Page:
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Job 12:2

    Job 12:2 Translations

    King James Version (KJV)

    No doubt but ye are the people, and wisdom shall die with you.

    American King James Version (AKJV)

    No doubt but you are the people, and wisdom shall die with you.

    American Standard Version (ASV)

    No doubt but ye are the people, And wisdom shall die with you.

    Basic English Translation (BBE)

    No doubt you have knowledge, and wisdom will come to an end with you.

    Webster's Revision

    No doubt but ye are the people, And wisdom shall die with you.

    World English Bible

    "No doubt, but you are the people, and wisdom shall die with you.

    English Revised Version (ERV)

    No doubt but ye are the people, and wisdom shall die with you.

    Clarke's Commentary on Job 12:2

    No doubt but ye are the people - Doubtless ye are the wisest men in the world; all wisdom is concentrated in you; and when ye die, there will no more be found on the face of the earth! This is a strong irony.

    Barnes' Notes on Job 12:2

    No doubt but ye are the people - That is, the only wise people. You have engrossed all the wisdom of the world, and all else are to be regarded as fools. This is evidently the language of severe sarcasm; and it shows a spirit fretted and chafed by their reproaches. Job felt contempt for their reasoning. and meant to intimate that their maxims, on which they placed so much reliance, were common-place, and such as every one was familar with.

    And wisdom shall die with you - This is ironical, but it is language such as is common perhaps every where. "The people of the East," says Roberts, "take great pleasure in irony, and some of their satirical sayings are very cutting. When a sage intimates that he has superior wisdom or when he is disposed to rally another for his meagrc attainments, he says, 'Yes, yes, you are the man! ' 'Your wisdom is like the sea.' 'When you die, whither will wisdom go?'" In a serious sense, language like this is used by the Classical writers to describe the death of eminently great or good men. They speak of wisdom, bravery, piety, or music, as dying with them. Thus, Moschus, Idyll. iii.12.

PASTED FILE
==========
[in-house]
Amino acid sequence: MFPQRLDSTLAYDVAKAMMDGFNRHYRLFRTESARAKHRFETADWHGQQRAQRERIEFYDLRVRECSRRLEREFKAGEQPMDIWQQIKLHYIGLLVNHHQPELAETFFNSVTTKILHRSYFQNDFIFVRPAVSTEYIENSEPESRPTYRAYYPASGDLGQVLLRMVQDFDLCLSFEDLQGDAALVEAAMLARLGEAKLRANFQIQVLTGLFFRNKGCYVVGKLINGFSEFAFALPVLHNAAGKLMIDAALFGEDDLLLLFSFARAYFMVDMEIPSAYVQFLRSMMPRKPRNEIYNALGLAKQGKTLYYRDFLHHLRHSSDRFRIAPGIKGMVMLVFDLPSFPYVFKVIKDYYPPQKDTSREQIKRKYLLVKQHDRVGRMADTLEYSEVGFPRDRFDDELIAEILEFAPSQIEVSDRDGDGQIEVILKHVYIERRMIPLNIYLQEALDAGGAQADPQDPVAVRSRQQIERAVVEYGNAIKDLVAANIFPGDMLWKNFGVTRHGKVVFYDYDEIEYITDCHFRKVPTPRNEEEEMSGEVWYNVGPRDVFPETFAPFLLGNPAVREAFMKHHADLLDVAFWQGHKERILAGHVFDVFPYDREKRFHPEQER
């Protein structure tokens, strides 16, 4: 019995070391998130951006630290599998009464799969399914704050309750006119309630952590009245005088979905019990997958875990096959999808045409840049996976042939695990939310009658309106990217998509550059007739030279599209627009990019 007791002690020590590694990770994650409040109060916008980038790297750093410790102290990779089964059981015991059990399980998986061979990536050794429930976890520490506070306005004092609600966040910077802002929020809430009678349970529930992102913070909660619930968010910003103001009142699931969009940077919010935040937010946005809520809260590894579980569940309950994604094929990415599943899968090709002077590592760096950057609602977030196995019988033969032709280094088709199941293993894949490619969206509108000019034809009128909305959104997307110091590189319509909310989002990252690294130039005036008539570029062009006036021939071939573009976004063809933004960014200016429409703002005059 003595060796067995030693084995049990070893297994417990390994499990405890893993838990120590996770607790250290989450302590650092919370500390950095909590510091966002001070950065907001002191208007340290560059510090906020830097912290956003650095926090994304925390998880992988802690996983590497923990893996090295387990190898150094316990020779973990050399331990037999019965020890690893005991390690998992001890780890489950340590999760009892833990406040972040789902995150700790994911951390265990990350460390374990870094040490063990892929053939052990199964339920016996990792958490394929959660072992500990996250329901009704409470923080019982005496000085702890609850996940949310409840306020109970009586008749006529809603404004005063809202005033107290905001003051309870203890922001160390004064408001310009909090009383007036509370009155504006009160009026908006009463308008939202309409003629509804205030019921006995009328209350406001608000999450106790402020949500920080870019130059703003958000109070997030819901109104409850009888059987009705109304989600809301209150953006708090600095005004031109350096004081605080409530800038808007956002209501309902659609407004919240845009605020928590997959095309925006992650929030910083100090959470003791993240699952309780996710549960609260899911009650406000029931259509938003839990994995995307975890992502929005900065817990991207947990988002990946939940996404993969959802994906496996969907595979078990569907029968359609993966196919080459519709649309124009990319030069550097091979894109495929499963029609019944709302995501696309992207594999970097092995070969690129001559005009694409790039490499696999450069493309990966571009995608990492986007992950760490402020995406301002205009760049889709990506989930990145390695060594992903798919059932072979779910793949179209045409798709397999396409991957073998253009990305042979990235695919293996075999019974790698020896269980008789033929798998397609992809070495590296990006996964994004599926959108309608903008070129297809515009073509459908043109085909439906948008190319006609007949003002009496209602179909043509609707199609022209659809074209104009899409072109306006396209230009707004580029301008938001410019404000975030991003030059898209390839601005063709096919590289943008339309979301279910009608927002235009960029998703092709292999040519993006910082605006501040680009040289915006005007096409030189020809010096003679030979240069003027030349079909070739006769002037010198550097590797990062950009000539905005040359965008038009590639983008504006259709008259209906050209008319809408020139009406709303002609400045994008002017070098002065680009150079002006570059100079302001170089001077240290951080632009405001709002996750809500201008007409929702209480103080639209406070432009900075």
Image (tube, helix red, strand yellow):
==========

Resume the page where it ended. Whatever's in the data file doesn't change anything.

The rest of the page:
Ὅττι βίων τέθνηκεν ὁ βώκολος, ἔττι σὺν αὐτῷ

    Καὶ τὸ μέλος τέθνακε, καὶ ὤλετο Δωρίς ἀειδός.

    Hotti biōn tethnēken ho bōkolos, esti sun autō

    Kai to melos tethnake, kai ōleto Dōris aeidos.

    "Bion the swain is dead, and with him song

    Has died, and the Doric muse has perished."

    Expressions like these are common. Thus, in the "Pleasures of Hope" it is said:

    And Freedom shrieked when Kosciusko fell.

    Wesley's Notes on Job 12:2

    12:2 Ye - You have engrossed all the reason of mankind; and each of you has as much wisdom as an whole people put together. All the wisdom which is in the world, lives in you, and will be utterly lost when you die. When wise and good men die, it is a comfort to think that wisdom and goodness do not die with them: it is folly to think, that there will be a great, irreparable loss of us when we are gone, since God has the residue of the spirit, and can raise up others more fit to do his work.
    Book: Job